Let me be clear: I do not like Sarah Palin. I don't agree with the positions she attempts to articulate. I believe she's a hypocrite (e.g., against premaritial sex and birth control as she paraded her pregnant, unmarried teenage daughter all around the country). I believe she was so far in over her head as John McCain's running mate that she had no idea she was in over her head. I believe she was condescending and disrespectful on the campaign trail. Mostly, I believe that she wasn't even close to being ready for the glare of national politics.
But for all the reasons I don't like her, she has also been a trailblazing woman. She's a member of an elite club of 31 women who have ever served as Governor. Can you believe that? In the almost 250 year history of the United States, only 31 women have ever been the CEO of their state. Although the list of female vice presidential candidates is longer, only two women have ever received the vice presidential nomination of a major party - Geraldine Ferraro and Sarah Palin.
As everyone knows by now, she resigned last week as Governor of Alaska. Rumors had been swirling for weeks that she would not run again in 2010 because she wanted to focus on running for president in 2012. Okay. Maybe she'd use the time between November 2008 and early/mid 2011 when she might declare her candidacy to bone up on the issues and crystalize her positions on them, develop a platform that was more than soundbites and had actual substance, have a solid track record of performance, practice her public speaking skills, grow some thicker skin, and learn how not to make mountains out of mole hills.
And then she quit, which took me by surprise as it took many people around the country, including some of her closest advisors if the media reports are to be believed. According to her word salad resignation speech, one of the reasons for quitting the job she was elected to do for four years, could essentially be boiled down to "people picked on me." So what.
Any woman who has ever accomplished anything in life has been picked on. Does Sarah Palin think that Suffragettes were greated with open arms? They weren't. First Lady Eleanor Roosevelt was rumored to have been a lesbian. So what if she was. Rosa Parks was arrested and lost her job for not giving up a seat on a bus. Ask any of the handful of women running Fortune 500 companies if the red carpet was rolled out for them or if they had to worked harder and overcome more obstacles than their male counterparts. Supreme Court Nominee Sonia Sotomayor has endured horrific comments including a statement by G. Gordon Liddy (of Watergate fame) hoping she doesn't have her period during her confirmation hearings (for the record, she's well past the age of menopause, so there's not much chance of that happening). And, of course, the woman Sarah Palin liked to compare herself to during the campaign, Hillary Clinton, has had a lifetime of people picking on her and her family. In fact, it was Sarah Palin who essentially said Hillary Clinton just needed to suck it up and get over that she had a tough road to hoe.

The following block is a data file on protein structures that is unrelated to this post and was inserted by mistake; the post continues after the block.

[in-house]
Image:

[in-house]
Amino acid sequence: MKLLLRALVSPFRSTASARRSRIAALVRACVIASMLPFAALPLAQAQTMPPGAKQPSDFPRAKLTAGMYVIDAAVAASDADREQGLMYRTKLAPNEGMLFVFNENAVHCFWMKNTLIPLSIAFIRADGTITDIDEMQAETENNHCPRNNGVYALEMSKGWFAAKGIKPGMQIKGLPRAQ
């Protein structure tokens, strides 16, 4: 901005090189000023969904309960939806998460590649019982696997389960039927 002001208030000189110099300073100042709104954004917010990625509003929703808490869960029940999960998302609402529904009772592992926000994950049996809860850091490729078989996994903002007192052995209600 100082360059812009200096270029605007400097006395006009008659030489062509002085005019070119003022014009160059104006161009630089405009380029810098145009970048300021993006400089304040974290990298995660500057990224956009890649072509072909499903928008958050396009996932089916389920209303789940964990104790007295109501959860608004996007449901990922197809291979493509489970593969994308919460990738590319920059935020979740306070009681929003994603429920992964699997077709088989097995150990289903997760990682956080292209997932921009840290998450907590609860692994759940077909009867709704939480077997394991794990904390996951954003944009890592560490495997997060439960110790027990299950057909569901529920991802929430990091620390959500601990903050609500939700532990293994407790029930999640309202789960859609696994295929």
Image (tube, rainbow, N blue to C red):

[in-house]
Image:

But it's not just women who publicly broke glass ceilings, but ordinary women who achieved any success in their lives who have faced seemingly insurmountable obstacles. We each have our own stories of when people tried to beat us down, but we kept going. Partly, we kept going for ourselves. But I'm sure that each woman who ever faced any sort of harassment or discrimination in her life and fought through it, did it not only for herself, but at some level, also for the daughters and granddaughters she had or may have and the millions of women who would come after her.
By quitting her job as the CEO of Alaska, and including Sarah Palin there are currently only 7 female Governors, Sarah Palin just added one more obstacle for any woman wanting to hold a position of significance. Who among us hasn't heard the words, "oh, don't mind her. She's just emotional because she's got her period" when we were appropriately outraged. It's not enough that we know that people wonder if we'll leave when we start to have babies or if we have thick enough skin, but now there is rock solid evidence that when the going get tough women leave. I mean, if Sarah Baracuda can't handle the stress, how can the rest of us?
Sarah likes to speak about how she took the difficult road and quit because she could have more impact outside of the state house. She claimed that hunkering down and getting to work in the face of great challenges was the easy way out. I can't imagine that Hillary Clinton ever thought the obstacles and humiliation she faced were "easy." Or that Rosa Parks thought being arrested and fired was "easy." Whether or not she knows it, Sarah Palin is a role model. And she just told countless girls across the country that when the going gets tough, the tough walk away.